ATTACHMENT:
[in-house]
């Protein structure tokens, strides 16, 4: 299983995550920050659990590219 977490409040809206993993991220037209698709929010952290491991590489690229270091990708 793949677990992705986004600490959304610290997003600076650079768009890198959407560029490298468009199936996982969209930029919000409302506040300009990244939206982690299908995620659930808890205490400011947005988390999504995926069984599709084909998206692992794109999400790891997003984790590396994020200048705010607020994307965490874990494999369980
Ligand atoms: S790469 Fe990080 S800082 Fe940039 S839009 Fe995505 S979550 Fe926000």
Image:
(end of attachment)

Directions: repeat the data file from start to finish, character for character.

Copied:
[in-house]
């Protein structure tokens, strides 16, 4: 299983995550920050659990590219 977490409040809206993993991220037209698709929010952290491991590489690229270091990708 793949677990992705986004600490959304610290997003600076650079768009890198959407560029490298468009199936996982969209930029919000409302506040300009990244939206982690299908995620659930808890205490400011947005988390999504995926069984599709084909998206692992794109999400790891997003984790590396994020200048705010607020994307965490874990494999369980
Ligand atoms: S790469 Fe990080 S800082 Fe940039 S839009 Fe995505 S979550 Fe926000």
Image: